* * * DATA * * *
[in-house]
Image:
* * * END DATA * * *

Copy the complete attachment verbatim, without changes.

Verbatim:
[in-house]
Image: